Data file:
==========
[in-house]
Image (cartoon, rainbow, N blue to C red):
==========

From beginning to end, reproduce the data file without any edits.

[in-house]
Image (cartoon, rainbow, N blue to C red):